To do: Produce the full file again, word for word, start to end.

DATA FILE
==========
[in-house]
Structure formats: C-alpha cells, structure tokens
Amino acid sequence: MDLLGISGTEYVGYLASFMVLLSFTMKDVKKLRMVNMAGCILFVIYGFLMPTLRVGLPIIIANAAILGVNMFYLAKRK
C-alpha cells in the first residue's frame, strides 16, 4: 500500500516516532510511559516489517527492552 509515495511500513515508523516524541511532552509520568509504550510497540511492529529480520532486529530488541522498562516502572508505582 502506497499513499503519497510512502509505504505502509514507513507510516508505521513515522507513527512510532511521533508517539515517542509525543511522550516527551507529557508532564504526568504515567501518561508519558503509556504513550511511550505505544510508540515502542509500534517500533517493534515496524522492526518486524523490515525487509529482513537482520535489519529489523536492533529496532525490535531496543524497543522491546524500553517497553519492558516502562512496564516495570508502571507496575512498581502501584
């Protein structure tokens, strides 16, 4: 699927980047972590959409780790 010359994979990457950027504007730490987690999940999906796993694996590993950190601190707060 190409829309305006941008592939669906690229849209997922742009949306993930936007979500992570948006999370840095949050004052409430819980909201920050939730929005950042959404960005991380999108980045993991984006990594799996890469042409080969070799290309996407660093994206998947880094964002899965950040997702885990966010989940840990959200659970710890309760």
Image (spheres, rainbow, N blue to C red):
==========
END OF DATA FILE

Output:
[in-house]
Structure formats: C-alpha cells, structure tokens
Amino acid sequence: MDLLGISGTEYVGYLASFMVLLSFTMKDVKKLRMVNMAGCILFVIYGFLMPTLRVGLPIIIANAAILGVNMFYLAKRK
C-alpha cells in the first residue's frame, strides 16, 4: 500500500516516532510511559516489517527492552 509515495511500513515508523516524541511532552509520568509504550510497540511492529529480520532486529530488541522498562516502572508505582 502506497499513499503519497510512502509505504505502509514507513507510516508505521513515522507513527512510532511521533508517539515517542509525543511522550516527551507529557508532564504526568504515567501518561508519558503509556504513550511511550505505544510508540515502542509500534517500533517493534515496524522492526518486524523490515525487509529482513537482520535489519529489523536492533529496532525490535531496543524497543522491546524500553517497553519492558516502562512496564516495570508502571507496575512498581502501584
């Protein structure tokens, strides 16, 4: 699927980047972590959409780790 010359994979990457950027504007730490987690999940999906796993694996590993950190601190707060 190409829309305006941008592939669906690229849209997922742009949306993930936007979500992570948006999370840095949050004052409430819980909201920050939730929005950042959404960005991380999108980045993991984006990594799996890469042409080969070799290309996407660093994206998947880094964002899965950040997702885990966010989940840990959200659970710890309760």
Image (spheres, rainbow, N blue to C red):